It has frequently been said one’s name can function either as a label which influences how others see us, or as a kind of goal or motivation to help us strive for full enlightenment. Sometimes just thinking about the name can be beneficial to one’s Buddhist practice in how our mind can transform from the ordinary to the perfected state.
Master Drukpa Kunley:
One of the great religious teachers and holy men, Drukpa Kunley, is known all over Bhutan as ‘The Divine Madman’. He was a one-of-a-kind eccentric and Buddhist master. Drukpa Kunley was born in Tibet in 1455.
There are many legends associated to him that talk of various miracles and his outlandish behavior. He is believed to have been an extremely precocious child who could remember all of his previous incarnations vividly.
Drukpa Kunley also founded a monastery near the town of Punakha, dedicated to fertility.
Drukpa Kunlek was a practical joker; it was one way he worked to benefit beings. One day, a nun asked him why he was always so happy, laughing and full of fun no matter what. He replied that for him, all suffering had disappeared.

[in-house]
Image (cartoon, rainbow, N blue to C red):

Then the nun said, “I have just taken my vows and wonder whether you would grant me a new name.”
“Did you have any particular kind of name in mind?” asked the Drukpa Rinpoche.
“Oh, a beautiful name, of course!”
“OK, what about ‘White-yellow-red-green Tara’?
“Well, said the surprised nun, I don’t think that name really suits me. I think I would like a sweeter sort of name.”
“OK. How about, Sugar-honey-molasses Tara?”
“Maybe something a bit more forceful . . . ?”
“I’ve got it — Tiger-leopard-poisonous-snake Tara !”
“Something a little grander, maybe?” the nun requested.
“I understand what you’re after now. OK, Sky-space Tara.”
“Maybe something that is more in tune with who I really am now . . . ? ”
. . . “I guess just Tara-who-has-the-vows is fine,” she said thoughtfully, and thanked the skillful teacher.